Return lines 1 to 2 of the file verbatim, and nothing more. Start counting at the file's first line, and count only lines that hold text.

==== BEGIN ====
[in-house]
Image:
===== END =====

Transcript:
[in-house]
Image: